Game Development Reference
12.2 What Makes Sci-Fi and Fantasy Different
To reiterate, over the last 30 years, fantasy has overtaken sci-fi as the dominant form
of genre fiction. Because of this “mushing,” many people now confuse the unique
elements of the two genres, and there aren't many who can articulate what makes
sci-fi unique. To analyze these two genres, below I list a series of bullet points that
summarize essential elements of each. These bullets are based on extensive experi-
ence (exceeding 25 years) writing fiction and creating games in each genre type. In
addition to this personal experience, I also base my observations on interviews I have
conducted with sci-fi authors and consumers and, last but not least, consuming these
genres for going on 30 years.
What Is Fantasy?
Fantasy's roots are in fairy tales. Fairy tales almost always take place in the
reader's past, or a supposed “alternate” past. Think about the cliche beginning
of a fairy tale: “Long ago in a land far, far away...” Notice the intentional
“dreamlike” motif. This dreamlike state is crucial to fantasy.
Childhood or children play an important part in fairy tales. Following this,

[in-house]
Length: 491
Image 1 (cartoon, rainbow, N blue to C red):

many fantasy stories are “coming of age” stories, meaning a journey from child-
hood to adulthood. This journey may be physical, emotional, or, perhaps,
metaphorical. For many of us, our personal ties to childhood are almost all
laced with emotion (good or bad). This central use of emotion is a critical
element in fantasy. The Harry Potter series sits squarely in this type of journey.
So does The Lord of the Rings .In LotR , Frodo and, indeed, all of Middle Earth
pass through and away from an age of innocence toward an “Age of Men” as
they defeat their ultimate enemy. The Age of Men could be interpreted as an
age of “duality” or “reality.”
Because they utilize a child-like motif, fantasy stories are often about the “self ”
(internal and/or emotional) facet of the main characters, especially the hero.
These “self ” stories also tend to focus on right-brain issues (self-fulfillment,
emotional maturity, love). Many times these values are in conflict with the
left-brain qualities. These stories are very, very personal. They are almost
intimate in their focus.
Fantasy often feels soft-edged in tone. The story settings themselves contain
softer elements (clothing, colors, use of time and nature).
Because of the central themes of growth, emotion, and overall softer tone,
fantasy appeals heavily to women, and the female demographic is crucially im-
portant in fantasy MMOs (admittedly those games have a heavy social com-
ponent, but even sci-fi MMOs don't have as large a female demographic as